In a new interview with International Adviser, Ashok Sardana “fervently” reiterated his call to ban 25-year ILAS savings plans. He said:
“these are not products which are suitable for most clients – in 99% of cases the clients will not see completion of the plan. These policies are only good for the adviser and the life company.”
And then he added:
“These products should have health warnings like cigarette packets which say – ‘this product is not good for your financial wellbeing.”
Amen! I applaud his truthfulness.
Although he didn’t say it explicitly, he implied that brokers who sell 25-year ILAS savings plans are blatantly violating their legal duty to prioritize clients’ interests above their own, which means brokers could be sued for selling these products. Moreover, the brazenly exploitative nature of the products also raises a question about whether an act of bribery has taken place when an insurer (a creator of these products) pays an exorbitant commission to induce brokers to sell them. If so, it could potentially land both brokers and insurers in prison. This is probably why Mr. Sardana doesn’t allow his employees to sell these products.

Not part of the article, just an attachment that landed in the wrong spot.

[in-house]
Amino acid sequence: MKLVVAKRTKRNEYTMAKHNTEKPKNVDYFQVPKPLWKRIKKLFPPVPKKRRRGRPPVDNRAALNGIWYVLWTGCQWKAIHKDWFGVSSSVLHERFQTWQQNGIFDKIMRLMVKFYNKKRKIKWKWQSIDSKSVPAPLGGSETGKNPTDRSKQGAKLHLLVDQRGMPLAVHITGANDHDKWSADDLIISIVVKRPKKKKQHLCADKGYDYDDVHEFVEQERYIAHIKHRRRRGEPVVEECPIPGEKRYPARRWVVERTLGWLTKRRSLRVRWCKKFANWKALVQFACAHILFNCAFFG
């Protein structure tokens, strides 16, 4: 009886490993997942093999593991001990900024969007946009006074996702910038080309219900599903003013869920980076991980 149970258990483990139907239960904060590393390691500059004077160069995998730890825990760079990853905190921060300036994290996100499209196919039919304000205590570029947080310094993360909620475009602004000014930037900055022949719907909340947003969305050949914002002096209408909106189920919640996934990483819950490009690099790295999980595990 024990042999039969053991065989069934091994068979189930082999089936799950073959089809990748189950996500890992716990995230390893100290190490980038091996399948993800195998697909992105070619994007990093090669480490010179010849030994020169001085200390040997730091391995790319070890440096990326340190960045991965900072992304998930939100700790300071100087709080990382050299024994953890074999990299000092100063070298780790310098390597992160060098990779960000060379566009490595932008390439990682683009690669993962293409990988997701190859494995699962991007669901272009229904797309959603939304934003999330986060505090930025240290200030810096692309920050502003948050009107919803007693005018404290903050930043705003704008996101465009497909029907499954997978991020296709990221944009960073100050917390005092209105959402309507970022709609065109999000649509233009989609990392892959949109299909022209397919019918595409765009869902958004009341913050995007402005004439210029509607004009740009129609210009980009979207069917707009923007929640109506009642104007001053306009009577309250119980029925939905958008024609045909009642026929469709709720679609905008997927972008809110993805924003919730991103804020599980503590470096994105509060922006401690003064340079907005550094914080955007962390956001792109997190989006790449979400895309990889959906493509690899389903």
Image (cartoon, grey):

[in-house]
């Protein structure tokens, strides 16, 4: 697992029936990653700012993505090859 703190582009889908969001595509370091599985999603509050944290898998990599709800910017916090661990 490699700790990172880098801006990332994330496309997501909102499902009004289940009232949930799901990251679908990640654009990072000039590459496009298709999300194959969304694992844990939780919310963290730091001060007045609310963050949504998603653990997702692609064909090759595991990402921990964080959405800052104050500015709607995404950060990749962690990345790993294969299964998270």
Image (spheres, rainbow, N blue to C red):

If 25-year ILAS savings plans are so bad that brokers can potentially be sued and imprisoned for selling them, then obviously the products have no justification for existing.
The SFC thus has a responsibility to immediately ban these and all other exploitative ILAS products, as it promised to do last week.
Currently, the minimum lock-in for most ILAS products is 5 years. Due to their fiduciary responsibilities, brokers almost never have a justification for selling a product with a lock-in longer than this minimum. Consequently, all ILAS products with a lock-in longer than 5 years must be banned ASAP.
[NOTE: In Hong Kong, “a person convicted of an offence under Section 9 of the Prevention of Bribery Ordinance is subject to a maximum penalty of seven years’ imprisonment and a fine of HK$500,000.”] (Source)